Beaver Falls Doesn’t Fall Far Short

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E4 is adding something to its stash of teen comedy dramas that sounds vaguely dirty, but aren't at all. Beaver Falls (E4, Wednesday at 9pm), is about three British graduates who sign up for summer jobs at an elite American holiday camp. When the child delivery bus turns up, off skip taut, bronzed girls and jocks with jaws like anchors. But our scruffy, irresponsible chaps are charged with babysitting a murky sub-sect: the camp’s fat boy rejects. It’s all beautifully bromantic. The underdogs bond and battle the handsome, meat-headed establishment, etc.

But can Brits and Americans successfully coexist in comedy? We’re used to accommodating token “outsiders” (Daphne in Frasier, Emily in Friends, etc) but this time it’s a more balanced mix of us and them. As we bounce between accents, an odd but not entirely horrible rhythm develops. At times, the contrast even teases out extra or bigger laughs. But the writing and boundaries are as British as Bovril and bacon butties. There are drugs, sex and the kids are allowed to swear a bit. Americans are uptight about bad languag--especially in the mouths of children--so this perceived leash slackening creates an enjoyably insubordinate buzz.

Beaver Falls will effectively replace the mediocre but much-loved (by everyone but me, it seems) Inbetweeners, which concludes with two special episodes and a movie this August. That show won record audiences and E4 have used its comedy-nerd formula to concoct a substitute. And actually, I prefer The Falls. Twenty-something Brits, Flynn, Barry and A-Rab (FYI, the party line is: A-Rab is an endearing--and not at all racist--nickname) are adorably moronic. Their underlings include a boy who was previously in with the alphas but got fat, and a silent, compulsive masturbator. Perhaps this first episode relies too heavily on jokes about misplaced deposits of semen, but it’s hard not to enjoy them all.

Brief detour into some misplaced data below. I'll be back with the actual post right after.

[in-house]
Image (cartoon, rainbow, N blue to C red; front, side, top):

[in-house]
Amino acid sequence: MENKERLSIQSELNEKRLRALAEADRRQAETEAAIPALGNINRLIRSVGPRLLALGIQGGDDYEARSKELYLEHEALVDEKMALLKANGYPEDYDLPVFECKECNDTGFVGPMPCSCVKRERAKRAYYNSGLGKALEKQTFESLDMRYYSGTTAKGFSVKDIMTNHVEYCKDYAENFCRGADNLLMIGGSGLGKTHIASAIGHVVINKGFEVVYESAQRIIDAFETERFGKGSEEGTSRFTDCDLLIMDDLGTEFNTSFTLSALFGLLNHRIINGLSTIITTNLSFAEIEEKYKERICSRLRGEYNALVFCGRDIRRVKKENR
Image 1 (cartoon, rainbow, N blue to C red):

Thanks to the US/UK thing, Beaver Falls will come off as pioneering. But actually, it doesn’t have the poise, flair or, I suspect, the longevity of stable-mates Skins and Misfits. Still, it’s undemanding, ultra-light fare crammed with daft laughs. And just because no one’s likely to get murdered, groomed by a cult or carted off to rehab (or, if they do, the impact will be batted away with a few pithy sentences), doesn’t mean that BF will flop. And if, like me, you’re not currently accepting applications for a new favourite supernatural drama (enough already), you’ll appreciate that there’s nothing paranormal brewing in The Falls. If Teen Wolf, a fetching vampire or, worse still, a lonely beaver ghost had cropped up, I’d have been out for BF’s blood.

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